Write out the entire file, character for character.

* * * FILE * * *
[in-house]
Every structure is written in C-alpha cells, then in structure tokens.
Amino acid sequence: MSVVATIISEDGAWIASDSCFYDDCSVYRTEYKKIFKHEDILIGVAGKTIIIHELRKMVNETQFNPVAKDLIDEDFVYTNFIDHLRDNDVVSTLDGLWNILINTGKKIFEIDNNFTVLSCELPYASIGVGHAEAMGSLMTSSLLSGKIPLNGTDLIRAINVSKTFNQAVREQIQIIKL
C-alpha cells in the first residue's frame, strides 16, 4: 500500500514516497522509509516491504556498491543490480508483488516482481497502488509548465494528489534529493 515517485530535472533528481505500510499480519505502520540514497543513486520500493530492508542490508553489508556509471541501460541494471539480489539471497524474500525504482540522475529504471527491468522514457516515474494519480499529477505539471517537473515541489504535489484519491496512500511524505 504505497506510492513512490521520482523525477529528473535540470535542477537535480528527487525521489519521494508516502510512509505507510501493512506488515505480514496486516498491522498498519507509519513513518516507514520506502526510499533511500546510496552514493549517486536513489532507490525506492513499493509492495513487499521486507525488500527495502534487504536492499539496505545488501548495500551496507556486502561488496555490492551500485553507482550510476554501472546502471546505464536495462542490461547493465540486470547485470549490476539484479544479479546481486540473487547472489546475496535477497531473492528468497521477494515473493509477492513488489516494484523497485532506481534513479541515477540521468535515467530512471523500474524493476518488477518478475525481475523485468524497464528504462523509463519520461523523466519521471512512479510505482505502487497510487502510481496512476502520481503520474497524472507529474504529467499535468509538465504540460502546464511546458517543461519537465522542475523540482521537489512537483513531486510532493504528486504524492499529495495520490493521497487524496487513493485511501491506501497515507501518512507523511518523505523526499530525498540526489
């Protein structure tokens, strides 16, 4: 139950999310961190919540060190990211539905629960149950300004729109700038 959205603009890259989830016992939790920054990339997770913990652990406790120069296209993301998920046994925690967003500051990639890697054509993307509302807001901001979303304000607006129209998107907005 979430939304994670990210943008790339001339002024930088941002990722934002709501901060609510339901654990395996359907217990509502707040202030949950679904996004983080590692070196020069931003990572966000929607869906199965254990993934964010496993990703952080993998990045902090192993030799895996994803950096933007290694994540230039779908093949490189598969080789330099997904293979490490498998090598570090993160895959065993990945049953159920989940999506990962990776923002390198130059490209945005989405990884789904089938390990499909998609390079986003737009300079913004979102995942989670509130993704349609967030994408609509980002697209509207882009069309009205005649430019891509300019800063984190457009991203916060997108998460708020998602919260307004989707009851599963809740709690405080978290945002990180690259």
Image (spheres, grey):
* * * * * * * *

[in-house]
Every structure is written in C-alpha cells, then in structure tokens.
Amino acid sequence: MSVVATIISEDGAWIASDSCFYDDCSVYRTEYKKIFKHEDILIGVAGKTIIIHELRKMVNETQFNPVAKDLIDEDFVYTNFIDHLRDNDVVSTLDGLWNILINTGKKIFEIDNNFTVLSCELPYASIGVGHAEAMGSLMTSSLLSGKIPLNGTDLIRAINVSKTFNQAVREQIQIIKL
C-alpha cells in the first residue's frame, strides 16, 4: 500500500514516497522509509516491504556498491543490480508483488516482481497502488509548465494528489534529493 515517485530535472533528481505500510499480519505502520540514497543513486520500493530492508542490508553489508556509471541501460541494471539480489539471497524474500525504482540522475529504471527491468522514457516515474494519480499529477505539471517537473515541489504535489484519491496512500511524505 504505497506510492513512490521520482523525477529528473535540470535542477537535480528527487525521489519521494508516502510512509505507510501493512506488515505480514496486516498491522498498519507509519513513518516507514520506502526510499533511500546510496552514493549517486536513489532507490525506492513499493509492495513487499521486507525488500527495502534487504536492499539496505545488501548495500551496507556486502561488496555490492551500485553507482550510476554501472546502471546505464536495462542490461547493465540486470547485470549490476539484479544479479546481486540473487547472489546475496535477497531473492528468497521477494515473493509477492513488489516494484523497485532506481534513479541515477540521468535515467530512471523500474524493476518488477518478475525481475523485468524497464528504462523509463519520461523523466519521471512512479510505482505502487497510487502510481496512476502520481503520474497524472507529474504529467499535468509538465504540460502546464511546458517543461519537465522542475523540482521537489512537483513531486510532493504528486504524492499529495495520490493521497487524496487513493485511501491506501497515507501518512507523511518523505523526499530525498540526489
């Protein structure tokens, strides 16, 4: 139950999310961190919540060190990211539905629960149950300004729109700038 959205603009890259989830016992939790920054990339997770913990652990406790120069296209993301998920046994925690967003500051990639890697054509993307509302807001901001979303304000607006129209998107907005 979430939304994670990210943008790339001339002024930088941002990722934002709501901060609510339901654990395996359907217990509502707040202030949950679904996004983080590692070196020069931003990572966000929607869906199965254990993934964010496993990703952080993998990045902090192993030799895996994803950096933007290694994540230039779908093949490189598969080789330099997904293979490490498998090598570090993160895959065993990945049953159920989940999506990962990776923002390198130059490209945005989405990884789904089938390990499909998609390079986003737009300079913004979102995942989670509130993704349609967030994408609509980002697209509207882009069309009205005649430019891509300019800063984190457009991203916060997108998460708020998602919260307004989707009851599963809740709690405080978290945002990180690259």
Image (spheres, grey):